The coaching profession is literally filled with innovators, excellent communicators, and great coaching minds that have been fired at one point or another in their career. It’s part of the life we’ve chosen.
What separates the Pete Carroll’s and Bill Belichick’s of the world from the guys that get only get one shot running a team comes down to two simple questions: What did they learn and how have they grown from their opportunity in the head coach’s chair? Those are the questions that decision makers ask themselves before giving a guy another shot to be a head coach.
That was the topic of a piece from Bleacher Report on Josh McDaniels, now in his second stint as the offensive coordinator under Bill Belichick in New England. McDaniels worked his first stint as the Pats offensive play caller into a short stint as the head coach of the Denver Broncos. McDaniels started off hot, winning his first 6-straight games, but that was followed by losses in 17 of his next 22 games, and he was let go shortly after. Now, back with the Patriots calling offensive plays, McDaniels can reflect on his experience as a head coach, and that opportunity has allowed him to see his second stint under Belichick in a different light.
Bleacher Report’s piece includes a number of pointers from McDaniels on what he learned during his time leading the Broncos, and how he’s using it to be better the second time around, if a team decides to give him another change. The notes include everything from how he’d handle play calling duties as a head coach again, to how he interacts with his coaches, players, secretaries, and even whether he’ll use profanity or not.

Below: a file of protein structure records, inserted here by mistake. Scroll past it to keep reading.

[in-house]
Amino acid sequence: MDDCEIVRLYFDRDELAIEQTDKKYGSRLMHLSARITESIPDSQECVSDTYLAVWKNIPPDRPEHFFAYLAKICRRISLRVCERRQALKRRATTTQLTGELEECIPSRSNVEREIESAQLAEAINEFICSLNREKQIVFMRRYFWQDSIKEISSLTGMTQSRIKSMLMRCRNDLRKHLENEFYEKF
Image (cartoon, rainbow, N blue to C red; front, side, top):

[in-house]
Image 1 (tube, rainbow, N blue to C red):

One of the pieces of advice that will ring true to a lot of folks out there is rather simple. “You need to write down everything you would do differently if you ever get a chance to be a head coach again,” McDaniels’ father Thom, a veteran of the coaching profession for nearly 40 years as a high school coach, told him. “Do it while everything is fresh in your mind. Over time, add to it.”
That’s exactly what Josh has done, adding notes into his Excel spreadsheet like “LISTEN better. To anyone who tells me something. There are so many people who can help us win & have wisdom I don’t have,” and “Be considerate of assistant coaches’ time, their emotions & make sure they always know how much I care. Push them, hold them accountable and love each one of them personally,’ and stuff as simple as “Lean on my faith and be myself.”
The full article from BR has a ton more of McDaniels’ notes to himself in it, as well as some more wisdom from his father, and plenty more advice for coaches who are looking for ways to continually grow.